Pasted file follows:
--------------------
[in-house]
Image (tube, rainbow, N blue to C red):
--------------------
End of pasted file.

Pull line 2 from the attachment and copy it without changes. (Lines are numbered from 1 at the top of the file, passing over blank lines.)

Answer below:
Image (tube, rainbow, N blue to C red):